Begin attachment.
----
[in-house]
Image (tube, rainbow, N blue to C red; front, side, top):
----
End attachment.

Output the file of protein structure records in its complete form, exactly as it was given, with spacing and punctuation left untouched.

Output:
[in-house]
Image (tube, rainbow, N blue to C red; front, side, top):